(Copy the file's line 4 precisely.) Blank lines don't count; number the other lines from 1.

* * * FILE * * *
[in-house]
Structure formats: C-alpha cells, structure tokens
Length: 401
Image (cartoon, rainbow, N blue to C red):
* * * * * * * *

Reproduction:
Image (cartoon, rainbow, N blue to C red):